“It was a folly to get an e-Priest for solemnising the wedding…”

“Charged too much?”

“No, the system simply froze moments before the muhurtham!”

There is a dark underbelly to the diversity of content and services that the Internet has brought us, cautions Tim Wu in ‘The Master Switch: The rise and fall of information empires’ (www.landmarkonthenet.com). “While there were once distinct channels of telephony, television, radio, and film, all information forms are now destined to make their way increasingly along the master network that can support virtually any kind of data traffic. This tendency, once called ‘convergence,’ was universally thought a good thing, but its dangers have now revealed themselves as well.”

What we currently have is an awesome dependence on a single network, the author reminds. He emphasises, therefore, the vital need to preserve the network’s openness from imperial designs.

A bizarre scenario painted in the book is that we could undergo a consolidation by a domineering empire blissfully unaware. Dazzled by ever newer toys, faster connections, sharper graphics, and more ingenious applications, we might be sufficiently distracted from the consequences of centralised control, Wu foresees. “And just as our addiction to the benefits of the internal combustion engine led us to such demand for fossil fuels as we could no longer support, so, too, has our dependence on our mobile smart phones, touchpads, laptops, and other devices delivered us to a moment when our demand for bandwidth – the new black gold – is insatiable…”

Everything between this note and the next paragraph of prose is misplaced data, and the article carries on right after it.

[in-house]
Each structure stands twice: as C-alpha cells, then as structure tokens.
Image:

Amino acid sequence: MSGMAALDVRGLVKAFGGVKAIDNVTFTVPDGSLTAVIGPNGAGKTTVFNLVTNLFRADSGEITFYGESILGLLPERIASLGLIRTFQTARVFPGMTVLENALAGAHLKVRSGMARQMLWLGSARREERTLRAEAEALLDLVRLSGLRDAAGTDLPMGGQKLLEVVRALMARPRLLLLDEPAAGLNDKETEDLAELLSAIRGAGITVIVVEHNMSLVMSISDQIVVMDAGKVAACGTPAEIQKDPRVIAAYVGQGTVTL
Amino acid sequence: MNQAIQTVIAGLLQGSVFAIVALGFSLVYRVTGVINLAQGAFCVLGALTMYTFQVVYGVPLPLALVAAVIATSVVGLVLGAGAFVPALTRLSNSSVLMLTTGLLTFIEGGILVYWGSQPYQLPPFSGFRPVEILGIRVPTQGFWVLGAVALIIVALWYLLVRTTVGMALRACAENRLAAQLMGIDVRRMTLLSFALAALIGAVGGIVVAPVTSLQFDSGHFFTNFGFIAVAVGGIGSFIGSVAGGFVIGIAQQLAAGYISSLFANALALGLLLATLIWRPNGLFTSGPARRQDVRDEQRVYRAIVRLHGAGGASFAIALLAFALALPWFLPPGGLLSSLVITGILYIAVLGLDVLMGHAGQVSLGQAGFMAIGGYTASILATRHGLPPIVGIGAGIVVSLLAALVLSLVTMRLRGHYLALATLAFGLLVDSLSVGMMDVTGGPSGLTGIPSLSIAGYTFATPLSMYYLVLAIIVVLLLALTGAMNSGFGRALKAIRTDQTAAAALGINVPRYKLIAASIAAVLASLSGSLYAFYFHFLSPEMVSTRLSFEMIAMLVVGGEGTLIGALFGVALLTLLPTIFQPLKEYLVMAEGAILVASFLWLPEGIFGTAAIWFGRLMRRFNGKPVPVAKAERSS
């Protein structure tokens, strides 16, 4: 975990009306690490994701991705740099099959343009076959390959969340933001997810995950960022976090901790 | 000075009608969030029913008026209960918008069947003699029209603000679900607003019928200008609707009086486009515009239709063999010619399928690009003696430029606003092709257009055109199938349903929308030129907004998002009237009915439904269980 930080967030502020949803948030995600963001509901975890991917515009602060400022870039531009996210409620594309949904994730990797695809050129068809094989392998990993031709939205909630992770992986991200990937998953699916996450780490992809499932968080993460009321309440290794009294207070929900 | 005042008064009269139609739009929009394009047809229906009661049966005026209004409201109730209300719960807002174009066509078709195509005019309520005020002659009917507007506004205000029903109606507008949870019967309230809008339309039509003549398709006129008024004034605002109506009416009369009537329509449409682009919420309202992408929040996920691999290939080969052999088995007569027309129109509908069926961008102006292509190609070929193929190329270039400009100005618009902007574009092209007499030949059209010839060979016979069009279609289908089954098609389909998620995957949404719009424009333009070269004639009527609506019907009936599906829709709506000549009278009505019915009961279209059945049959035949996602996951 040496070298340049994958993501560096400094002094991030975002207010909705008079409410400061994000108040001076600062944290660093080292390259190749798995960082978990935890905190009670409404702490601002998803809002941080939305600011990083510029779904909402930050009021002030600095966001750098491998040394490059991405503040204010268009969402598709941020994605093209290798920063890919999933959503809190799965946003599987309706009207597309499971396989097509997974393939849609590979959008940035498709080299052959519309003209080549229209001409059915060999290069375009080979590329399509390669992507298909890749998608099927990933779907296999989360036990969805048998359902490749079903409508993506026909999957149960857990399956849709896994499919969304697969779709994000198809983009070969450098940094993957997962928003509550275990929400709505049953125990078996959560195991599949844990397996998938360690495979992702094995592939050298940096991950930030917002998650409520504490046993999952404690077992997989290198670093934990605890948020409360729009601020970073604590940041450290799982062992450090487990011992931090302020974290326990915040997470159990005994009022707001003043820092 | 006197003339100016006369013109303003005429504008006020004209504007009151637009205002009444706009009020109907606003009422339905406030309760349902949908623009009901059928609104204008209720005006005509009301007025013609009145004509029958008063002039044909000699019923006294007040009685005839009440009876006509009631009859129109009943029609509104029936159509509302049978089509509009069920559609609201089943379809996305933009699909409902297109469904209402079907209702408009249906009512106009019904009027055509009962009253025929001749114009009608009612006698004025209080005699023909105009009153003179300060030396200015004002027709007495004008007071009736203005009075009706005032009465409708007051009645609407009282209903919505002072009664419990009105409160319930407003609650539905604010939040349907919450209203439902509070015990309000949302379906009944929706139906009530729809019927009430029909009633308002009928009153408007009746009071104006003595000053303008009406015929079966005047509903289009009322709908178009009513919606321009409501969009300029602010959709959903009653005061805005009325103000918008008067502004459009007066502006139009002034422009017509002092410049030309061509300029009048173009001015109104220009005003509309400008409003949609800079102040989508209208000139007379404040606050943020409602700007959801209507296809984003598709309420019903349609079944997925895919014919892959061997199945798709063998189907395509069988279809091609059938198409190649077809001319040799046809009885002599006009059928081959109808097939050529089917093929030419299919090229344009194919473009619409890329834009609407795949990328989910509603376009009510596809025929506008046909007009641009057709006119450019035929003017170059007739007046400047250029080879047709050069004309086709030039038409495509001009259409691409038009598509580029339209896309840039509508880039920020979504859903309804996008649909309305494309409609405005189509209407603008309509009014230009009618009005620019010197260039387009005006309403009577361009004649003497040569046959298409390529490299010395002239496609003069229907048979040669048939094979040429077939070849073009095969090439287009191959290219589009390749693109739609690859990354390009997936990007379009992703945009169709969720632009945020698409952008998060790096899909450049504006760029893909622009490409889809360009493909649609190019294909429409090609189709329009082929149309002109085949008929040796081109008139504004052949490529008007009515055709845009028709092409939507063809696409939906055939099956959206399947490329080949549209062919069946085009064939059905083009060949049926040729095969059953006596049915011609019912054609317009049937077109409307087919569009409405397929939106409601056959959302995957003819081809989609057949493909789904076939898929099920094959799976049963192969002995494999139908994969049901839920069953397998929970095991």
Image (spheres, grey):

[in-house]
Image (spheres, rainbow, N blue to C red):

A recommended study.

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